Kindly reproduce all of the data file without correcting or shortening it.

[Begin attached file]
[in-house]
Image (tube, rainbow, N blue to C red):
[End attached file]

[in-house]
Image (tube, rainbow, N blue to C red):